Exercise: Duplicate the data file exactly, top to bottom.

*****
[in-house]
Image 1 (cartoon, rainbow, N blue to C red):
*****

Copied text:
[in-house]
Image 1 (cartoon, rainbow, N blue to C red):